“If the fund opts to avail the treaty, it will have to give up its losses. There are a few judicial precedents that support the view that if income is exempt, the losses cannot be carried forward. However, this will apply only if the funds choose to avail of the treaty benefits,” said a person familiar with the matter.
Funds that evoke the domestic law can carry forward their losses of FY19, and set them off against future capital gains. The tax laws provide for the carry-forward and set-off of losses up to eight years. Funds cannot set off long-term loss against short-term gains. Every other kind of set-off is possible.
Decisions to alternate between the treaty and domestic law have been challenged by tax authorities in the past. This is a permissible opportunity from a legal standpoint, say market observers, and there have been several judgements from the tribunal upholding the practice.
“Taxpayers can choose to be governed by the provisions of the domestic tax law or those of the treaty, whichever is more beneficial. To claim a set-off of losses incurred in earlier years, one could choose to be governed by domestic tax law provisions, which the Indian tax law specifically permits,” said Anish Thacker, partner at EY India.
“Some rulings directly deal with the issue of carrying forward losses. The 2017 CBDT circular on GAAR, for instance, says the claim of treaty and domestic law benefits in different years is not a matter to be decided under GAAR. This should provide a level of comfort to taxpayers,” added Rajesh Gandhi, partner, Deloitte India.
In the past, this strategy was not so helpful as funds that made gains could come under the treaty and not pay taxes on the gains, said experts. “Last year, majority of the funds incurred losses, and coming under the domestic law could prove more beneficial,” said the person quoted above.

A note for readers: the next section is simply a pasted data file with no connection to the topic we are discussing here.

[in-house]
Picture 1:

Several funds have also booked losses because of the cost step-up provided in last year’s Budget, with the stock price on January 31, 2018, taken as the cost of acquisition for computing capital gains.
For instance, let’s say a long-only fund bought shares of company A in 2010 at Rs 10 per share. Assume that the stock price was Rs 150 as of January 31, 2018, and slid to Rs 120 sometime during FY19. If the fund sells these shares at Rs 120, it will technically be considered a loss of Rs 30 (and not a gain of Rs 140) because of the cost step-up. This fund might, then, want to make use of the domestic law to carry forward its losses.
To be sure, funds that have made gains in FY19 may yet evoke the treaty to avail of the grandfathering benefits. India had renegotiated its tax treaties with Mauritius and Singapore in 2016. Based on the new arrangement, Indian equities acquired prior to April 1, 2017, were grandfathered and granted capital gains tax exemption. Shares acquired on or after this period, and sold before April 1, 2019, had to pay concessional tax at 50 per cent of the domestic rate.
Equity investments on or after April 1, 2019, will be taxed 10 per cent for investments greater than one year, and at 15 per cent for those below a year. Foreign portfolio investors were net sellers in seven of the 12 months in FY19, with net investment totalling Rs 170 crore.